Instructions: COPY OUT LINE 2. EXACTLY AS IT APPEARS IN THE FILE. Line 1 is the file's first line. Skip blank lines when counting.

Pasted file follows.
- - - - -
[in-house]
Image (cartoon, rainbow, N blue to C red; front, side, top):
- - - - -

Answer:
Image (cartoon, rainbow, N blue to C red; front, side, top):